NT: So you just busted out of the hospital and went home?

Moss: It was just a huge waste of my time. I needed echinacea and Vitamin C and herbs, a whole lot of other things they weren't giving me.

NT: Like meat tenderizer. I read on your Web site that part of your home remedy for snakebites involved meat tenderizer.

Moss: Oh, yeah. Meat tenderizer contains bromelain, which is made from pineapple. It's a strong protein solvent, and I've read in health magazines about people dissolving tumors with bromelain.

NT: So maybe when people are bitten by snakes, they should just skip the whole trip to the hospital thing and go buy a packet of meat tenderizer.

Moss: (Sighs.) Well, or some form of bromelain. But meat tenderizer also has sugar and salt in it, which aren't meant for snakebites. I'm no doctor, but the eight hours I spent in the hospital were a real disappointment to me. Who needs it? We don't have a health industry, we have a sickness industry. They try to treat you after you're sick, not to keep you well.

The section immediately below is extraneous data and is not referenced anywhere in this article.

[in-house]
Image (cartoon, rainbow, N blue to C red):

NT: Your healing regimen also included prunes and red grapes. Your journal makes a lot of jokes about the dangers of junk food and refers to most people as "perhaps half-dead already" and "pizza and greasy hamburger-eating Americans who are likely overweight, couch-potato slobs."

Moss: I bicycle up and down a 10-mile hill each day. I have tremendous circulation and aerobic oxygenation in my tissue from that. I think that's what helped move the venom and keep it from clotting my blood, not anything the hospital did for me.

NT: Which is why you're refusing to pay the $1,800 hospital bill you recently received.

Moss: They didn't do anything much for me while I was in the ER. Anyway, I understand that Medicare has paid $1,100 of it, and they want me to pay the balance.